the events ofRamses’ Nubian campaign. They are executed in a delicate and refined style, comparable to those in the templeof his father Seti I at Abydos. It is interesting to note, from an important dedicatory inscription at Abydos, that Ramses was on a campaign in Nubia when he received news that his father
Seti I had died. He quickly traveled down the Nile and took over the government as ruler.
There are reliefs of considerable historical interest on .the side walls of the forecourt. Two scenes on the left-hand wall (a) show the kings triumph over the Kushites, “vile Kush” as it is termed, referring to the tribes above the Second Cataract. In the first scene, Ramsesis seated under a canopy while Egyptian
noblemen (depicted below) present him with various tributes. Behind, there are two fettered Nubians, followed by others offering the pharaoh monkeys, greyhounds, panthers, giraffes,
cattle, and ostriches. Women with children, one carried in a basket on her mother’s back in typical African fashion, accom- pany the group. In the background are doum-palms. In the foreground are scenes ofwomen makingbread and, in the upper register, Ramses in his chariot. A flower-adomed tablet, from which hang rings and skins, is placed before the king. The Kushite nobleman before him is being awarded chains. Farther along the wall are gold ingots, elephant tusks, donkeys, a lion, a giraffe, and even a playful monkey arriving as tribute. There is a scene in which Ramses II charges the enemy from
his chariot with his usual bravado. They flee before him. He is accompanied by his two sons, each ofwhom has his own chariot and driver. In this scene, the Kushites are armed with bows and arrows. The men, women, and children are depicted escaping to their camp situated among the doum-palms. A wounded Nubian is led away by his two comrades to his wife and children. In another vignette, a woman crouches over a fire and cooks a meal. The reliefs on the right-hand wall (b) refer to wars against the Syrians and Libyans. They have the usual themes of attacking the enemy fortress, and the monarch holding a group of Syrian captives by the hair and threatening them with a raised ax. In another scene he puts a kneeling Libyan to death while his pet lion takes a bite out ofthe doomed man’s heel. Such scenes of Ramses II’s successful foreign campaigns, depicted in a Nubian temple, would appear to be designed to show the people of Nubia that Ramses reigned supreme from one end of the empire to the other. Indeed, he is shown with Egyptian noblemen and princes bowing slightly to him in  respect.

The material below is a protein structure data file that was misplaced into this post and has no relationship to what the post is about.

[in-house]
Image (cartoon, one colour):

But it is interesting to note that nowhere in this temple is he shown deified, as he is in Abu Simbel. It has been
suggested that Kalabsha was built earlier in his reign. Three doorways to the rear of the court lead into the transverse hall (2), which has two stout fluted papyrif`orm columns supporting the roof Over the central doorway is the figure of Ramses bowing to Amun-Re. Scenes of conquests and offerings dominate the chamber. To the rear is a doorway leading into the sanctuary with niches for three seated figures, all now badly damaged. However, the coloring and reliefs ofthe rock-hewn sanctuary (3) are well preserved, especially those in the niche at the rear. Clockwise from the doorway they show: Ramses II being embraced by Satis and suckled by Isis; Ramses making offerings to Horus and Amun-Re; figures of Min and Ptah (on the rear wall); Ramses suckled by Anukis, goddess of the cataract region; and, finally, a defaced figure of Ramses embraced by Miket, an obscure goddess of the cataract region.
These inner chambers, too, were converted into churches after the sixth century.

Kalabsha Temple -Kiosk of Kertassi

This tiny structure dates from Greco-Roman times. in its original location it was built not far from a site used in ancient times for quarrying sandstone. In fact, there was every indication that these Nubian quarries were the ones that provided stone for the temples of Philae. This is attested by numerous inscriptions dating to Ptolemaic and Roman times. The kiosk of Kertassi was regarded by many early travelers and Egyptologists as a gem ofNubia. ln 1875 Amelia Edwards wrote that “a mere cluster of graceful columns supporting a cornice stands on the brink ofa cliff overhanging the river.” It was a landmark of the area. When, however, the monument was inspected in the mid-19605 prior to its salvage, its columns had fallen, the capitals lay upside down on the ground, and the structure was no more than a jumble of ruins.

This has now been remedied. The Egyptian government collected the blocks